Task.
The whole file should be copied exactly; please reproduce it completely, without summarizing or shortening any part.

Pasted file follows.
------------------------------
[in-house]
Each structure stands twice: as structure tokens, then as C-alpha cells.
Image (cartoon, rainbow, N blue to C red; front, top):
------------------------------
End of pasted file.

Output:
[in-house]
Each structure stands twice: as structure tokens, then as C-alpha cells.
Image (cartoon, rainbow, N blue to C red; front, top):